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Social Security spousal benefits provide a monthly sum to a retired worker’s spouse or former spouse. The spouse receives up to 50% of the value of the retired worker’s Social Security base retirement or disability benefit.
If you’re the retired worker in this equation, signing up your spouse for spousal benefits doesn’t mean your retirement benefits are cut in half. Instead, your spouse receives a Social Security benefit on top of the retirement benefits you receive.
Explaining Social Security spousal benefits involves making some assumptions. Spousal benefits are structured to be most advantageous in circumstances in which only one member of a married or divorced couple qualifies for Social Security retirement or disability benefits — or one member qualifies for a significantly larger benefit than the other.
In this article, any reference to the retired worker refers to an individual who qualifies for Social Security retirement or disability benefits; that could be one member of a couple or both.
The Social Security Administration website, ssa.gov, lays out who qualifies for spousal benefits, when they can apply and how the benefits are calculated. Learn how spousal benefits may factor into your future income, according to guidance from ssa.gov.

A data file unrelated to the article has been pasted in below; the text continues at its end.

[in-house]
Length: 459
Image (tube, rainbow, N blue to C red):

» Need a primer? See Social Security explained
Who qualifies for Social Security spousal benefits
Current and former spouses of workers who qualify for retirement or disability benefits are eligible for Social Security spousal benefits. A married or divorced person can receive spousal benefits despite whether they qualify for Social Security retirement benefits based on their work history. If that spouse qualifies for retirement benefits, the amount they’d receive from that benefit is factored into the calculation of any spousal benefits.
A retired worker’s current spouse qualifies for Social Security spousal benefits once that spouse turns 62, as long as their partner (the retired worker) is receiving retirement or disability benefits.
Former spouses qualify for spousal benefits at age 62 if the marriage lasted 10 or more years and the member looking to receive spousal benefits is unmarried. If the divorce occurred two or more years ago, an ex-spouse can begin collecting spousal benefits even if the person they were married to hasn’t started receiving retirement benefits.
Spousal benefits paid to an ex-spouse don’t affect the benefits a current spouse can receive if they qualify.
A retired worker’s spouse can receive spousal benefits at any age if the spouse cares for the retired worker’s child who is eligible for benefits. Spousal benefits are typically reduced if the person begins receiving them before full retirement age. But benefits are not reduced if that person is in this caregiver scenario.
How to calculate Social Security spousal benefits
How much your spouse would get from Social Security spousal benefits depends on several factors.
1. The size of the worker’s retirement benefits
How much the retired worker qualifies for in Social Security retirement benefits at full retirement age sets the baseline for calculating spousal benefits. (Full retirement age is 66 or 67, depending on the year of birth.)